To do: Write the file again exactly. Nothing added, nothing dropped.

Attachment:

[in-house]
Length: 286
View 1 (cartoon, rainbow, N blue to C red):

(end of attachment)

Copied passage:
[in-house]
Length: 286
View 1 (cartoon, rainbow, N blue to C red):